Published: 2013-03-12 07:20:00
Updated: 2013-03-12 08:15:36
Posted March 12, 2013
By Mike Moss
Once in a while, the weather pattern setting up across the area makes it really difficult to pin down a forecast with any kind of real confidence, and this far out that is how it's going so far for the upcoming weekend, especially as we head into Saturday night and Sunday. The culprit is a combination of fairly flat westerly flow aloft and an approaching cold front that looks as if it will slip into central NC from the northwest Saturday night and then waver north to west, stalling at times but with a variety of solutions from computer models as to where the boundary lies at any given time.
As I write this on Tuesday, we have reasonably good confidence regarding the temperatures and rain chances through Friday and a little less so on Saturday, with a cool, bright Thursday very likely, a few more clouds and somewhat milder temperatures Friday and then a nice warmup to start the weekend (highs in the mid 60s to around 70), but for the holiday on Sunday we have a legitimate chance of seeing high temperatures in the Triangle anywhere from around 50 if the front stalls south of us and we develop a patch or two of rain, to low 70s if the front is a little farther north and we have a few periods of sunshine.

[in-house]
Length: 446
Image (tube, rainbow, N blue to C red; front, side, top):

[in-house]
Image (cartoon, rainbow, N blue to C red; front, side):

The graph I posted here is output from a a collection many different runs (42 all together) of both the American Global Ensemble Forecast System (GEFS) model and the Canadian Ensemble Prediction system, with each run having slightly different starting conditions or model characteristics. For each 6-hourly time point on the graph, the "boxes and whiskers" show the lower 25% of results as the lower whisker, the middle 50% of results as the yellow box, and the upper 25% of results as the upper whisker, and the dark line inside the box is the median value of all the different runs. The output is shown at 8PM, 2AM, 8AM and 2PM for each day.
If you look at those boxes and whiskers for the first few days of the forecast, you'll see that temperatures, for example, are quite similar among most of the models, but the picture changes considerably through the weekend, and on Sunday the 17th at 2PM even the 50% of model runs in the yellow box cover a spread of possible temperatures for RDU from about 53 to 71 degrees, and the range covered by all 42 models runs, from the bottom of the whiskers to to the top, ranges from a 2PM temperature as cold as 32 degrees up to as warm as 75! When we also check the main operational models (not ensembles), we find the American GFS going for a high in the mid 50s, and the European model now projecting something close to 70 on Sunday after showing a much cooler outlook yesterday.
The result for now is that you can plan with good confidence on a mostly sunny or sunny day for Thursday (notice how in the bottom of the three graphs very few of the model runs show any cloud cover at all that day). If you're making plans for Sunday, though, it would be a good idea to keep checking back as we progress through the week, and be prepared for a variety of possible outcomes and potential changes to the forecast depending on where that front sets up shop.